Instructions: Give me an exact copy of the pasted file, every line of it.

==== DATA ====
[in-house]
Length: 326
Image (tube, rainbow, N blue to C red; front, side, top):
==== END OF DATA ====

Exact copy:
[in-house]
Length: 326
Image (tube, rainbow, N blue to C red; front, side, top):